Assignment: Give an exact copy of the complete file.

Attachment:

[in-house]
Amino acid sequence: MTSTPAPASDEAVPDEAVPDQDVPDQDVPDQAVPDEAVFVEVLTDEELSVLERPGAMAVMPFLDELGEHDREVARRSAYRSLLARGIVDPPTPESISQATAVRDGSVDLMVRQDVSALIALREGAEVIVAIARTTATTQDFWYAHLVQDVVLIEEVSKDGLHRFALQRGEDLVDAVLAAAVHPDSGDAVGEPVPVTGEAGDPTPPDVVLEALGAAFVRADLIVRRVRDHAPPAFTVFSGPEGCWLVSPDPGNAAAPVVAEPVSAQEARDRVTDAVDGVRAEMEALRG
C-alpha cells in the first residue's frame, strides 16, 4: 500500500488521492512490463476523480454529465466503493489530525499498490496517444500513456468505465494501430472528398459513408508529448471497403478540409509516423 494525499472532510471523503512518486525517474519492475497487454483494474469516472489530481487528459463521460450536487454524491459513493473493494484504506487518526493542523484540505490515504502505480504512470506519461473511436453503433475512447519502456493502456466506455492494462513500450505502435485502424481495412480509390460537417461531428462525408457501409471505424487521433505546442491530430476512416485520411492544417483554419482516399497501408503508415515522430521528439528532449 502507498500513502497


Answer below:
[in-house]
Amino acid sequence: MTSTPAPASDEAVPDEAVPDQDVPDQDVPDQAVPDEAVFVEVLTDEELSVLERPGAMAVMPFLDELGEHDREVARRSAYRSLLARGIVDPPTPESISQATAVRDGSVDLMVRQDVSALIALREGAEVIVAIARTTATTQDFWYAHLVQDVVLIEEVSKDGLHRFALQRGEDLVDAVLAAAVHPDSGDAVGEPVPVTGEAGDPTPPDVVLEALGAAFVRADLIVRRVRDHAPPAFTVFSGPEGCWLVSPDPGNAAAPVVAEPVSAQEARDRVTDAVDGVRAEMEALRG
C-alpha cells in the first residue's frame, strides 16, 4: 500500500488521492512490463476523480454529465466503493489530525499498490496517444500513456468505465494501430472528398459513408508529448471497403478540409509516423 494525499472532510471523503512518486525517474519492475497487454483494474469516472489530481487528459463521460450536487454524491459513493473493494484504506487518526493542523484540505490515504502505480504512470506519461473511436453503433475512447519502456493502456466506455492494462513500450505502435485502424481495412480509390460537417461531428462525408457501409471505424487521433505546442491530430476512416485520411492544417483554419482516399497501408503508415515522430521528439528532449 502507498500513502497